Who wants a happy ending?

Welcome back!

To this day, Forty Times Platinum has an identity crisis. Let me explain: Every book falls into a genre and while booksellers freely cross the streams to maximize sales, publishers are very strict that a book must fall into ONE genre.

I didn’t want Forty Times Platinum to be a romance novel. Plenty of them fill my bookshelves and I have nothing against them. But to me, FTP didn’t read that way.  Besides, there are very strict rules for a story to be classified a “romance.” For one, the main characters must get together at the end- the Happy Ending rule.  It’s debatable what really happens at the end of FTP. I’ve purposely left it open. And then on a webinar, I learned things like infidelity are not present in romance novels. True romance novels really thrive on giving the reader a fantasy to chew on and then swallow.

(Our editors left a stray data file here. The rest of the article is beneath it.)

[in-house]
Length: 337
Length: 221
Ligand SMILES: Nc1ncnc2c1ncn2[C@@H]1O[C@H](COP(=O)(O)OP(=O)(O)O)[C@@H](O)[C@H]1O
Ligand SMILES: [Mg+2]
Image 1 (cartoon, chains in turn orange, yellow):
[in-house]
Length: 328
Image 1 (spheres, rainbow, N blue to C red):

And so in Commercial Women’s Fiction—or as they say in the biz:  ‘Women’s’, the characters are more realistic. “The Sound of her Heart” version definitely had a lot of whimsical elements and so if I wanted to be on the shelves with writers such as Emily Giffin or Lauren Weisberger, the fantasy needed to be toned down.

Before, Jen and Michael were these incredibly famous people living fabulous lives. In order for this story to work in the Women’s market, I needed to anchor them into reality. In the original version, they were loosely associated with the record label Jamie had signed with. To better identity with Jen and Michael, I pushed them both out of their singing careers and stuck them in an office working for my fictional record label- Thompson Street Records.